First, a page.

Stock trading is a way to profit from price movements. To analyze price movements and the opportunities they present, traders use technical indicators. The moving average is one of the most reliable and popular technical indicators. It is the average of all closing prices for the specified period. Averaging out smoothens the price information and reduces the noise from daily price fluctuations.
There are short-term moving averages such as the 10-day or 7-day averages, and long-term moving averages such as 200-day averages. For example, a 200-day moving average is the average closing price of the 200 most recent trading days. These are useful in indicating price trends as well as providing a trend line for placing potential support or resistance.
Moving averages eliminate the volatility of stock prices every day from the stock chart. It looks like a trendline on the price chart. This gives traders a quick view of the trend.
Directions of prices
Prices will likely rise if the moving average is in an upward trend, while prices may be rising if there is a strong uptrend. Prices are likely to be falling if it's a downtrend. However, a steep downward slope could indicate that prices have reached their bottom.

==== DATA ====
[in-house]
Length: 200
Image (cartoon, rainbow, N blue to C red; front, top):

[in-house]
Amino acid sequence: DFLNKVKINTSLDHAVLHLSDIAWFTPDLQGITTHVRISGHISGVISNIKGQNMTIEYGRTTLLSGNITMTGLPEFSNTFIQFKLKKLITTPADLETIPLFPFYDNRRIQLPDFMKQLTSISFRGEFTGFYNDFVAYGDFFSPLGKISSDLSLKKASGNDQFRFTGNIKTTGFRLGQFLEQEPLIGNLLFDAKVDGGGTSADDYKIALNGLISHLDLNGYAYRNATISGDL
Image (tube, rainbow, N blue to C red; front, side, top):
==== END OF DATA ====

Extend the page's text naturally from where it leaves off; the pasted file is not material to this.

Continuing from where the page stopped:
A trend line that moves sideways is indicative of a price movement within a certain range. If real-time prices rise above the MA (moving average), this signals an uptrend. However, if prices fall below the MA, prices will tend to move in the opposite direction. As you will see, two moving averages with different durations can merge and cross in opposite directions.
As reliable and trustworthy support and resistance levels, medium- to long-term moving averages such as the 200-day and 50-day ones are very popular. These levels are difficult to break. This makes it more useful as a signal to sell or buy a stock when the price reaches the resistance and support levels. Trending markets have prices that move within a certain range. Prices tend to bounce off the support level of moving averages, or pull back from touching the resistance level. Again, these levels can only be breached if enough buyers or sellers come in. This allows for a reasonable holding time.
BSE Sensex's 50-day moving mean (purple), crosses its 200-day moving median (yellow).
One of the most popular trading strategies is to use both short-term moving averages such as 50 days and longer-term ones such as 200 days to determine the stock's bullishness.
As you can see from the BSE Sensex price chart above, a stock's 50 day MA is considered a Golden Cross if it surpasses a 200-day MA. This is a sign of a bullish shift in sentiment. You will also see the shares touching support levels on long-term moving averages, which indicates that prices have reached their bottom.
The lag effect of moving averages has been criticized often. They show a trend that is based on historical prices. They are not useful for distilling daily price movements. However, they provide a reliable and strong level of support and resistance. It is helpful for traders to understand how to use moving averages to buy stocks and take short positions.